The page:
Above you, ceiling fans would oscillate dizzily, seemingly hanging by a thread, their breeze being insufficient to deter the mosquitoes. Stray cats, having made a comfortable home in the nooks and crannies of the dilapidated building, would occasionally come out for a stroll, and housed in the ceiling were even a few bats, which now and then would set off on their trademark giddy flight patterns towards the ring lights.
On the night Andy and I went, this same ceiling was leaking as a tropical monsoon thundered down on the rusty iron roof. We had to reposition ourselves several times to avoid the dripping rainwater, and the noise was tremendous. The storm lasted a good two hours, and several times we remarked “it’s actually raining harder!” as the elements thrashed the stadium with such force that even the crowd and the screeching drum and flute fight music was at times drowned out.
Come main event time, though, and nothing would exceed the noise levels of the crowd. Away from the sterile ringside section, the locals yelled bets at each other as the action tipped one way, then the other, the prices changing by the minute. Gambling is illegal in Thailand, but you wouldn’t think it when seeing men with fistfuls of 1,000-baht bills and waving raised digits openly and vociferously placing stakes with one another. Even those without money riding on the outcome made a racket, chanting names, yelling along with the impacts of the blows, stamping their feet and banging on the steel cage material that separated the ticket classes and added to the bear-pit feel of the place.
I returned to Lumpinee several times since I moved here, especially when I had visitors, and always impressed on them why it was better to opt for the cheap seats. Some of them were initially discomfited at the ramshackle sight presented to them upon ascending the stairs to the upper tier, but by the end of the night they had invariably been excited, fascinated and absorbed by the authentic cultural experience they had witnessed.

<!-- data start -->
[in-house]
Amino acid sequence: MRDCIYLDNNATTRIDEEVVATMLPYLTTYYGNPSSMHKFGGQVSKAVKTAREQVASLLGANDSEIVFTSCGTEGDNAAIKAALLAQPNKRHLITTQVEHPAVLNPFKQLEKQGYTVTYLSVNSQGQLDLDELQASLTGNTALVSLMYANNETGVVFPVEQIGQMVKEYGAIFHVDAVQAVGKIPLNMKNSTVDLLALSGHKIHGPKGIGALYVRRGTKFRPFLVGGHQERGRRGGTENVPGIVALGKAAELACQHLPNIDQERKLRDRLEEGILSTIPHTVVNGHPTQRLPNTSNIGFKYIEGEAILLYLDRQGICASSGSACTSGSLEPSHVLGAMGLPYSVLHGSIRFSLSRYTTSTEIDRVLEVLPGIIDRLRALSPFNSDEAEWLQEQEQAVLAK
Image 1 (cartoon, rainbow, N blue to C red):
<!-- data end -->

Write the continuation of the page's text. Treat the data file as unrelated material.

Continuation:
It was a must that I attended the last-ever show at Lumpinee. On top of the unfolding history, it was a cracker of a card. Modern legend Saenchai PK Saenchaimuaythaigym (formerly, and best, known as Saenchai Sor Kingstar) was a fitting main-event star, even if he is starting to show the wear and tear of more than 300 contests and dropped a close decision to WBC top-ranked lightweight Petchboonchu Porplaboonchu. Saenchai was nevertheless a consummate showman and naturally the crowd favourite.
Speaking of crowd favourites, the audience got firmly behind huge underdog Singtongnoi Por Telakul as he pulled out of a big upset against Petmorakot Vor Sangprapai. There was barely a pundit in the land predicting a win for Singhtongnoi, but he built momentum as the fight wore on and, with chants of “Singtong! Singtong” shaking the building and the weight of history pushing him on, he charged to a famous decision win.